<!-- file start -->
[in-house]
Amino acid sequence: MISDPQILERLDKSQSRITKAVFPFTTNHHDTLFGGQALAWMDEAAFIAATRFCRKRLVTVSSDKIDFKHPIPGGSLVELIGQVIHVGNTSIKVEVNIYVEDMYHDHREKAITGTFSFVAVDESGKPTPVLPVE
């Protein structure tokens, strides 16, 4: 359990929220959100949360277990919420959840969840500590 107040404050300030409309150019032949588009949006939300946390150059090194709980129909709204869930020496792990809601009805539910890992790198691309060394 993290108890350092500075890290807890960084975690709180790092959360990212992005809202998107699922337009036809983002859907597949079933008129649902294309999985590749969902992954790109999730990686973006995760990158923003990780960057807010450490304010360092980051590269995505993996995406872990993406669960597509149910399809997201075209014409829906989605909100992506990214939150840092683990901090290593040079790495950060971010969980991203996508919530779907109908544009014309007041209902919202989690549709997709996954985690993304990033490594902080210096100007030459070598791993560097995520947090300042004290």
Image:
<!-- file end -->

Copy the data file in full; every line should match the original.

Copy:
[in-house]
Amino acid sequence: MISDPQILERLDKSQSRITKAVFPFTTNHHDTLFGGQALAWMDEAAFIAATRFCRKRLVTVSSDKIDFKHPIPGGSLVELIGQVIHVGNTSIKVEVNIYVEDMYHDHREKAITGTFSFVAVDESGKPTPVLPVE
């Protein structure tokens, strides 16, 4: 359990929220959100949360277990919420959840969840500590 107040404050300030409309150019032949588009949006939300946390150059090194709980129909709204869930020496792990809601009805539910890992790198691309060394 993290108890350092500075890290807890960084975690709180790092959360990212992005809202998107699922337009036809983002859907597949079933008129649902294309999985590749969902992954790109999730990686973006995760990158923003990780960057807010450490304010360092980051590269995505993996995406872990993406669960597509149910399809997201075209014409829906989605909100992506990214939150840092683990901090290593040079790495950060971010969980991203996508919530779907109908544009014309007041209902919202989690549709997709996954985690993304990033490594902080210096100007030459070598791993560097995520947090300042004290």
Image: